Murkowski talks tariffs, trade at AML

Aug 15, 2019

 

Sen. Lisa Murkowski speaks at the Alaska Municipal League conference in Soldotna Wednesday.
Credit Shaylon Cochran/KDLL

Senator Lisa Murkowski was in Soldotna Wednesday to speak at the Alaska Municipal League conference. Addressing borough and city leaders from around the state, she touched on a wide range of issues, from cannabis to infrastructure to the ongoing trade war with China.

 


Tariffs imposed on products coming to and from China have had a very real, and generally negative effect on Alaskans, especially in the seafood industry.

KDLL: Do you think the president really understands what tariffs are and what they do?

Murkowski: “I’m not going to try to unwrap his mind. I think that he as well as some in his administration feel that tariffs are a tool for negotiation. I think that they are a very blunt tool and I think that we are seeing that play out, again, in ways I mentioned; very worrisome for the seafood industry, these small timber producers, for the ag community. Now, with this latest round with the potential application as it relates to electronics and the like. So I think he is meeting with a level of resistance from many of us who veiw tariffs in a different way. I think he understands them and perhaps thinks that a blunt instrument is the way to deal with China. China is a nation that clearly has demonstrated they’re not afraid to stand up, push back, and we’re seeing that. I just saw a headline today that there are some who are speculating we could be headed towards a recession, nationwide, because of the impact of what we’re seeing from these tariffs, so I’m not a fan.”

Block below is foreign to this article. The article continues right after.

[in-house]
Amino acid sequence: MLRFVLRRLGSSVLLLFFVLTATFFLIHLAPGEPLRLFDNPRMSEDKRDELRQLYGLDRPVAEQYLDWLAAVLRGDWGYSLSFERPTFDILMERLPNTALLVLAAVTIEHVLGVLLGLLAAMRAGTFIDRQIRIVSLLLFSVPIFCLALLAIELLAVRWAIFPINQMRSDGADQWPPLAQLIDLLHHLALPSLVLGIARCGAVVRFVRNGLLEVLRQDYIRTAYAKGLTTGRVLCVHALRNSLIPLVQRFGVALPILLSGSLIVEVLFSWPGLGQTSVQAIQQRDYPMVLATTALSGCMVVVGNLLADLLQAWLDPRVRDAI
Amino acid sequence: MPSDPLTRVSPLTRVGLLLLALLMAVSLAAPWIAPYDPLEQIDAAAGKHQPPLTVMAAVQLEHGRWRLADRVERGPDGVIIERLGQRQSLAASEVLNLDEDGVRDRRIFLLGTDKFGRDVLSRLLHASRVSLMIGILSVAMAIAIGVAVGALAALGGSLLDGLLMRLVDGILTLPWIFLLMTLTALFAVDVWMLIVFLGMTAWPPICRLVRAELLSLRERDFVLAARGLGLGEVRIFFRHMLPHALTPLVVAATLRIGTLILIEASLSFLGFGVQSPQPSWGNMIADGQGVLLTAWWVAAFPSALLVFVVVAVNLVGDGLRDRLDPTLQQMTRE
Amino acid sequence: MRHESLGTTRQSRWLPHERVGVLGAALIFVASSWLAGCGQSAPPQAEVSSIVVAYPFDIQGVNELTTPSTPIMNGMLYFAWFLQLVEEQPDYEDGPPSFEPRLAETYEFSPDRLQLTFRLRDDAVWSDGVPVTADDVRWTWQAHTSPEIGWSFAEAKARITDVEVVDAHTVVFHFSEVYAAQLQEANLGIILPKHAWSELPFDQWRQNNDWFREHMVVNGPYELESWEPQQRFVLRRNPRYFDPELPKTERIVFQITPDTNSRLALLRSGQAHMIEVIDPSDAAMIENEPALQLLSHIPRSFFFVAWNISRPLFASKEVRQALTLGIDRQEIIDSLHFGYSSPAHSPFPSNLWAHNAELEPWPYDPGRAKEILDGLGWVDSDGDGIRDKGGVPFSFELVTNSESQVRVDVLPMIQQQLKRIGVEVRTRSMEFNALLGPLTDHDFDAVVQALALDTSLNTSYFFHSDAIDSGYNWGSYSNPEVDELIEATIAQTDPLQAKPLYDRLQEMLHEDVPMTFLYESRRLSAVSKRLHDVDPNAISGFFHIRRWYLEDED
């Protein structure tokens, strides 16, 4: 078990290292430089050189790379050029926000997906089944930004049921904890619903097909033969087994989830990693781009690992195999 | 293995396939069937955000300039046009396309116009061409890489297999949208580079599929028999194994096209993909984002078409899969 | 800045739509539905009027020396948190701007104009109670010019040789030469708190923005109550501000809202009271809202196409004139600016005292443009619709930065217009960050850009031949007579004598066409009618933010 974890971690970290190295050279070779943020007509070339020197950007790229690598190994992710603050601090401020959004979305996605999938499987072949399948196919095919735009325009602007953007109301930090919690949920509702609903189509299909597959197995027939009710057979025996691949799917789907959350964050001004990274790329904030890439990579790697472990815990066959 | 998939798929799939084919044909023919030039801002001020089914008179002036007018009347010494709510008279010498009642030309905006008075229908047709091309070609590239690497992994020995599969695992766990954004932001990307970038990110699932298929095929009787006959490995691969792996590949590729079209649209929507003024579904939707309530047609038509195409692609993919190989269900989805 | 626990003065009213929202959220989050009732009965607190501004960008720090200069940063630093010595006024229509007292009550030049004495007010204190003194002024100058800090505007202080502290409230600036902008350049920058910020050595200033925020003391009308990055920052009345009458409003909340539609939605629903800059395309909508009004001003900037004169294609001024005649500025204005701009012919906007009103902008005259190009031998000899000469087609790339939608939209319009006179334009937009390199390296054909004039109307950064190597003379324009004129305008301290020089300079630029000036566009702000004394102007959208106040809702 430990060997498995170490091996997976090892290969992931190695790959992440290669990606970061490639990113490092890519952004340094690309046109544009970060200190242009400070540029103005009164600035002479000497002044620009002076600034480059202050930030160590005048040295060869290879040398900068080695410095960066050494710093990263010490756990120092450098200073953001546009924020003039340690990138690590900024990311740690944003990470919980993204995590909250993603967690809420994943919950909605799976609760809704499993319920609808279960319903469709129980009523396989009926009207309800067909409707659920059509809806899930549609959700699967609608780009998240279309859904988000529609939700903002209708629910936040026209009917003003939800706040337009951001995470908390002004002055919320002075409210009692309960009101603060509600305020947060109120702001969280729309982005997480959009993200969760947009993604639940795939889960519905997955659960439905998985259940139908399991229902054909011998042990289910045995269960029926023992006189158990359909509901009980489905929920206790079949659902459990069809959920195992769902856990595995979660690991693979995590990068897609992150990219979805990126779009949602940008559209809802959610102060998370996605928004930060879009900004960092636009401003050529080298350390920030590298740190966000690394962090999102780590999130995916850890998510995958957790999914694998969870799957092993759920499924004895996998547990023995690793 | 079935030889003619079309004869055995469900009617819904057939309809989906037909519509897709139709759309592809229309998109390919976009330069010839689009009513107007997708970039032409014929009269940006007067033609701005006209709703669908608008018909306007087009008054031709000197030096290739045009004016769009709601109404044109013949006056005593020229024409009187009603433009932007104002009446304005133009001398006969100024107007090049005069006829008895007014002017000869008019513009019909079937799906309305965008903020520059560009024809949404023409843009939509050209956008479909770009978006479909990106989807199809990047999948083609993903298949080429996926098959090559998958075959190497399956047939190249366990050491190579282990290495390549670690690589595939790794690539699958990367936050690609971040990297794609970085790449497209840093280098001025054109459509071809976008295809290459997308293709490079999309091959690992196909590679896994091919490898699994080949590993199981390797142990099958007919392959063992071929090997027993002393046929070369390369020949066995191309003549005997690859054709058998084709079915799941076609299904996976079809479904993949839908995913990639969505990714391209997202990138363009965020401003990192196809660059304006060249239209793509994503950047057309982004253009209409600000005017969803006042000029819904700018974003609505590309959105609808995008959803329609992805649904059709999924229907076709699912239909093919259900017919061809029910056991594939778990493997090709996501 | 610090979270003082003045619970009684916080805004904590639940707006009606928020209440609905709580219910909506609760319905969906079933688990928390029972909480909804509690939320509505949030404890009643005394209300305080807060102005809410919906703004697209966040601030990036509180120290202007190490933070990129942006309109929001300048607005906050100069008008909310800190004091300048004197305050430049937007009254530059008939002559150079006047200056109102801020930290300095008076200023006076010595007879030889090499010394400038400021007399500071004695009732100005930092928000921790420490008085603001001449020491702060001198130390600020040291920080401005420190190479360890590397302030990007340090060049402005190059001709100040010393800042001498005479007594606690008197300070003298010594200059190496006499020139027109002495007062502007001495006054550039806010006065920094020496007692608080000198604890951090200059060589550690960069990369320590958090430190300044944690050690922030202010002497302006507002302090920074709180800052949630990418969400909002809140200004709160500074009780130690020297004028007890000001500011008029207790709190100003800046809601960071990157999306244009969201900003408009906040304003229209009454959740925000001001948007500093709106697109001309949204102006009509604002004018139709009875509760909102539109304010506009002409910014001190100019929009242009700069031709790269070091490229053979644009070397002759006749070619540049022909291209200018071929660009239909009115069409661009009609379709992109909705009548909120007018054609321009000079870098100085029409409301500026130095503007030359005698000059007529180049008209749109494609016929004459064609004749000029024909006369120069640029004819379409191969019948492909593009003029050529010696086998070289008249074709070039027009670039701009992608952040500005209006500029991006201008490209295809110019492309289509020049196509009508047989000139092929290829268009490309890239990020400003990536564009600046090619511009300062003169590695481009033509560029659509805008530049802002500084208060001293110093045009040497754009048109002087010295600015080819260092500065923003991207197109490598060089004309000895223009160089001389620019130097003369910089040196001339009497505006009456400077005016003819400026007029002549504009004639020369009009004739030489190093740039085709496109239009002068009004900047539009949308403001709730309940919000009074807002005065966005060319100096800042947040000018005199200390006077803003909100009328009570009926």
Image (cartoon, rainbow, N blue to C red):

KDLL: As we talk about the Arctic opening up and we see China investing so much in infrastructure across the world, does our trade war diminish our standing in having a leadership spot as the Arctic opens up?

Murkowski: “China is not afraid or shy to insert themselves into different parts of the world to demonstrate a posture of strength. We’re certainly seeing that in the Arctic, we’re seeing it in areas of the Pacific. I think the Department of Defense is clearly paying attention to that. How the issue and trade and tariffs plays into all of this, I think it’s still unfolding.”